FOX unveiled an elaborate studio on Doha’s waterfront featuring four stages and more than 20 LED screens.
In a statement, Fox said: “Qatar Airways is a major sponsor of the 2022 FIFA World Cup and will have a significant presence in our full coverage of the tournament. They, along with our range of distinguished sponsors, allow us the opportunity to offer unrivaled coverage of what is arguably one of the best tournaments around the world. EVER World Cup with the long-awaited return of the US Men’s National Team.”
Asked if the Qatar Airways sponsorship had any impact on its coverage, a Fox spokesperson said, “Absolutely not.”
After this story was published, a Fox spokeswoman sent an additional statement to the Mail, denying that the network’s deal with Qatar Airways included Complex flights.
Today’s WorldView: The political debate surrounding the Qatar World Cup
The change in schedule from the usual summer World Cup was made to accommodate the sweltering heat in Qatar and would be an inconvenience to any American broadcaster. Instead of sharing the summer with baseball alone, this tournament will compete for viewers with the NFL and college football. Fox reportedly paid more than $400 million for the men’s and women’s four world cup tournaments between 2015 and 2023. Telemundo reportedly paid about $600 million.
How the tournament is covered – and how Qataris react to it – will be watched closely. In a decision issued in 11 hours, Qatar reversed course and banned the sale of alcoholic beverages in stadiums. It was a major story for several news outlets on Friday morning, and was referenced in the recent news section on Telemundo Deportes’ website, but not on Fox Sports. Before the start of the tournament, a Danish photographer this week In a confrontation with Qatari officials, they threatened to smash his camera for filming a live report in a public place.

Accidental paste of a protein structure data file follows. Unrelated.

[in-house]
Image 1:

The Athletic published an article this week by football editor Alex Kai Gilsky detailing his mixed feelings, as a gay man and sports journalist, about covering the tournament.
“some [reporters] He will write about great games and goals, and others will break stories about line-ups or fallout,” he wrote. “But much will also focus on what happens off the field, on the fact that some LGBT+ fans are forced to stay in safe houses, and on the families of workers who died in The construction of stadiums, and on the absurd policies that brought heroism to Qatar, on the realities of life for the women who live there, and will be once the circus packs up and leaves.”
Qatar Airways has been a respected brand in the football world for many years now. It was Barcelona’s first sponsor from 2013 to 2017 before the club ended the “Social Issues” agreement. Today, Qatar Airways is Bayern Munich’s shirt sponsor, although club members have pressured directors not to renew the deal when it expires in 2023.
At the team’s annual general meeting last month, Oliver Kahn, the team’s chief executive, said: “There has been progress in Qatar in the field of labor and human rights. No one has indicated that Qatar is a country that meets European standards. But if you want to change and start something, You have to meet people and talk to them and exchange ideas instead of excluding them.”
Stephen Goff contributed to this report.